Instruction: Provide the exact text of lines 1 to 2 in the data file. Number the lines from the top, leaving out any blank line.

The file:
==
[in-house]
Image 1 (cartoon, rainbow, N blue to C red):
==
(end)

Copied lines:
[in-house]
Image 1 (cartoon, rainbow, N blue to C red):